Web pages have a basic, bricks and mortar, foundation. It’s called HTML – short for HyperText Markup Language.

So, here’s a trivia/history question for fellow Mac enthusiasts. Do you remember an early Mac application called HyperCard? This was pre-Internet, and had some features of web pages as we know them now. The principle feature was that you could link a word or phrase on a card and the user could click on that link and be taken to another card. The only problem was that you had to use the computer where the HyperCard application was running. No one had figured out how to make it run over a network (unless our Alan Oppenheimer had gotten ahead of everyone else when working with AppleTalk.) I actually created a simple marketing game/simulation in HyperCard, and used it for marketing training for Kaiser Permanente reps in the late 1980s. (but I digress….)

Hypertext or linking also predates the Internet. Douglas Engelbart, known mostly for inventing the computer mouse, was talking about hyper-linked information well before then. He was entranced with the idea that thoughts and ideas could be linked together in an intricate web, rather than just linearly like a book. A reader could follow a trail of ideas based on their own instincts and preferences, rather than being captive to a paper or a book produced by an author.

Building a Web Page

Web pages are constructed with HTML. When you type into your Safari or Firefox browser the browser expects that you are looking for a page rendered in http – short for hypertext transfer protocol. As you read this post, look up in the address or location bar and you’ll see  (or which means you are expecting to see a page that uses HTML to present the information on the page.

You can see all of the HTML  for any web page by choosing View >> Page Source in Firefox and View >> View Source in Safari. Most web pages have this basic structure:  I’ll put little {comments} below just to annotate each line.

<html>  {the start of the web page. Notice that this and all HTML “tags” are surrounded by <  >.}
<head> {this has information about the web page but most of it doesn’t display, with the exception of…}
<title>The Title of the Page</title>   {This is the page title that shows in the very top of the browser window.}
<other stuff…>
</head> {Lots of time an HTML tag that is a container has an opening, like <head> and a closing like </head>}

<body> {This is the beginning of the stuff the user sees on the web page.}
</body> {This is the end of the stuff the user sees.}

</html> {This is the end of the web page.}

During the first 8-10 years of the world wide web (remember that phrase?) we used HTML both to display content and also to control how that content looked. Here is a simple example:

This is a regular sentence.  This is a regular sentence with the bold attribute applied to it.

Underneath this post the HTML code for this last sentence looks like this:

<strong>This is a regular sentence with the bold attribute applied to it.</strong>

A headline might look like this:

<h1>Here is a Headline<h1>

Here is a Headline.

If I wanted that sentence to have color I might have used something like this:

<p style=”color: #ff0000″>This is a regular sentence with color added.</p>

This is a regular sentence with color added.

As web developers we could cheerfully mark-up our HTML, adding colors, font size, left or right alignment and all the rest. This is still done in plenty of web pages, and in fact some of the formatting for this post is styled that way.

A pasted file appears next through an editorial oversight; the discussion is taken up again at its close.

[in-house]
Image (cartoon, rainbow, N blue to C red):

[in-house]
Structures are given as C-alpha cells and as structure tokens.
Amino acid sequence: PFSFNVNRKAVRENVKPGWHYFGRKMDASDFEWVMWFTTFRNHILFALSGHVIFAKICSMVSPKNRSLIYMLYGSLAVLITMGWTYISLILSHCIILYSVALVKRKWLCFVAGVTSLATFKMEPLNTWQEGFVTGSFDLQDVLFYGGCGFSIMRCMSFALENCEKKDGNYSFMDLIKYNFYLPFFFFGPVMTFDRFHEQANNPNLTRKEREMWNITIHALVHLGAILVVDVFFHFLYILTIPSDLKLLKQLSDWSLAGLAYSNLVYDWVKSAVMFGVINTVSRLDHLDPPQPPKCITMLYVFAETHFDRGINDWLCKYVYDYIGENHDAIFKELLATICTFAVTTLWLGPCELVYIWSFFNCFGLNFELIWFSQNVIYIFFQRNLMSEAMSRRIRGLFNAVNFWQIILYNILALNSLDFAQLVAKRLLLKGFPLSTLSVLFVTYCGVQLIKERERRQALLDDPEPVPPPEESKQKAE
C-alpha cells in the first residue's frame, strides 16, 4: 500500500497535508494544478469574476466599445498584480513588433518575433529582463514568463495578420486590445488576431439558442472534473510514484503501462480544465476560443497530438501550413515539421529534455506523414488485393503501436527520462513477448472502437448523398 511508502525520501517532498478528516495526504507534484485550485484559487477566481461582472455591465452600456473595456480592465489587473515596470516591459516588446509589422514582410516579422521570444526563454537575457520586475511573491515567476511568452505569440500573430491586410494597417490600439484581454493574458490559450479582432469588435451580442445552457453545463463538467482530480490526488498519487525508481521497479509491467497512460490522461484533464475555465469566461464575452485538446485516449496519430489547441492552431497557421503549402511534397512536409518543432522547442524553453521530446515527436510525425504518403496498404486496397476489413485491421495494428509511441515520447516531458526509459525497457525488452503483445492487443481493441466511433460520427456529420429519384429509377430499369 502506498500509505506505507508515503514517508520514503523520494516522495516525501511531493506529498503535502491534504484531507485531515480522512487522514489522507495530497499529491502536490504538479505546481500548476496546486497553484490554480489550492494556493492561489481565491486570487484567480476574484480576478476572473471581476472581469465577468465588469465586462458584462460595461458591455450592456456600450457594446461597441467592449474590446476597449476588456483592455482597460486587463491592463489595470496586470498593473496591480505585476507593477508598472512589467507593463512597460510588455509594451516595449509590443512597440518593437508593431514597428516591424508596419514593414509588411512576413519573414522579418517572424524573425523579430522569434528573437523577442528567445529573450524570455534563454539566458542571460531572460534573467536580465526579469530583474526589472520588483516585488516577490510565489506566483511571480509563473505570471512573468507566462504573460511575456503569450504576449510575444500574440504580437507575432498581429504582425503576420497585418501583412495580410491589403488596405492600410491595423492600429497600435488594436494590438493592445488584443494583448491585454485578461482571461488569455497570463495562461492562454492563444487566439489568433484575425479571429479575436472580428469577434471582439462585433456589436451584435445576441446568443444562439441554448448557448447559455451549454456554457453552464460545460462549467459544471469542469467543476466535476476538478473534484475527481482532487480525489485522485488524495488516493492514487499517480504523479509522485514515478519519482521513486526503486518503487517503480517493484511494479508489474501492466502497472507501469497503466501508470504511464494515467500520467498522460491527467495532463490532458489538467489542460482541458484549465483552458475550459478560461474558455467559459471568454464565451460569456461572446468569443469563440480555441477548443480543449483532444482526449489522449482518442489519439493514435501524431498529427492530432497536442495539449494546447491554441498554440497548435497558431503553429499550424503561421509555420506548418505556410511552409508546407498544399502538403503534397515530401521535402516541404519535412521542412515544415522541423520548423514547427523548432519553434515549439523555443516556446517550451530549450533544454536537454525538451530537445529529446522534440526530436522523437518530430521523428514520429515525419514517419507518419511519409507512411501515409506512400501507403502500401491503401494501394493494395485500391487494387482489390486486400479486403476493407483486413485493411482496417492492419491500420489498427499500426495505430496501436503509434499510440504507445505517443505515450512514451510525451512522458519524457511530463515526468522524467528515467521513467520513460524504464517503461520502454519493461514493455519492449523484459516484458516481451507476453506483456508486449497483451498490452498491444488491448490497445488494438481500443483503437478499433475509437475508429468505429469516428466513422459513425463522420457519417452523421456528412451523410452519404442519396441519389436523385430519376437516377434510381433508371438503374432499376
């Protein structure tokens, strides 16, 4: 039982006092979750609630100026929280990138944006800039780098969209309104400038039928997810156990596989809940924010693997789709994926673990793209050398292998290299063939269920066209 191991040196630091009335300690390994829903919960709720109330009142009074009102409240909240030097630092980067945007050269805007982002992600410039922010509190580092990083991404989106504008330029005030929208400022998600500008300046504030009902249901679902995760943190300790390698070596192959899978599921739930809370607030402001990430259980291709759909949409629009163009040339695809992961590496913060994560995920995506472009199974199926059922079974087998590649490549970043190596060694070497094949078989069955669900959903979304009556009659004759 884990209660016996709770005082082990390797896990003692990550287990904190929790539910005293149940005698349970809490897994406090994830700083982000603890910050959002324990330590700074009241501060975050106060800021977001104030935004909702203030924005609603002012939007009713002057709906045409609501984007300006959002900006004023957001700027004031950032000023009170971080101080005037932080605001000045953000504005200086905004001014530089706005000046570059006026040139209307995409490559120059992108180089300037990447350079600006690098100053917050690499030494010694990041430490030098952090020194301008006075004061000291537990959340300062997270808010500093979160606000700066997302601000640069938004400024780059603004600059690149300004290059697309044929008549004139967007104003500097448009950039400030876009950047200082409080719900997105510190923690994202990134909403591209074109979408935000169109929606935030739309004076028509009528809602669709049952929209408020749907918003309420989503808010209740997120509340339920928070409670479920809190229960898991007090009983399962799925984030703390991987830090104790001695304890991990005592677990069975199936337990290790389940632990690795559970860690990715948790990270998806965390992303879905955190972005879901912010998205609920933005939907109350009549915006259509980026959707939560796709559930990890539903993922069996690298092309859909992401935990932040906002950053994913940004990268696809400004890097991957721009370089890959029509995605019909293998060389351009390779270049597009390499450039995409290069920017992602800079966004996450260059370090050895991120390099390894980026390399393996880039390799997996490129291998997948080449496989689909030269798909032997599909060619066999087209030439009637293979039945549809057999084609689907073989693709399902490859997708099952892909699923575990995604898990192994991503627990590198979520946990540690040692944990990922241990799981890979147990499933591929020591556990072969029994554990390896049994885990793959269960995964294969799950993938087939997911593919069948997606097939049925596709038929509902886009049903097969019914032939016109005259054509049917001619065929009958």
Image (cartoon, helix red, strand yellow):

Cascading Style Sheets

Cascading Style Sheets (CSS for short) have helped web developers separate content from display. The more modern approach to web sites has the information (text, pictures, video, etc.) presented, with a separate set of instructions on how they might be aligned or formatted. One of the most famous examples is the Zen Garden web site. Go to and then over on the right see the list under “Select a Design”. Click on any of these and the exact same information will be displayed, but in a very different look. So what we have is content set and established and then the presentation of that content open for change. This is particularly helpful for people with various disabilities, including visual impairment.  A screen reading program can easily find the content in a modern web site and verbalize or enunciate that content. Someone who needs larger text can have a setting that automatically increases the size of the font. Someone reading a web page on a small, mobile screen can have it formatted to be readable on that screen.

Most modern web sites have files specified in the <head>  </head> section that point to CSS files. If you View Source on this page one of the lines you will see is:
<link rel=”stylesheet” href=”” type=”text/css” media=”screen” />

This line of HTML tells the browser to find some formatting and design instructions in a file with that link. Your browser reads that information and stores the instructions in that file for awhile. Then, when you go from page to page the same instructions are remembered and used to present my pearls of wisdom in an attractive fashion.

HTML Standards

Who decides what each of these <h1> and <p> tags mean, and how HTML will evolve with the times? That’s more than a full time job. This organization, W3C, manages to herd the 1000s of cats involved in developing web standards. A quick description from their web site:

The World Wide Web Consortium (W3C) is an international community where Member organizations, a full-time staff, and the public work together to develop Web standards. Led by Web inventor Tim Berners-Lee and CEO Jeffrey Jaffe, W3C’s mission is to lead the Web to its full potential.

More information on this organization here.

In our next post we’ll look at cookies – not the chocolate chip kind.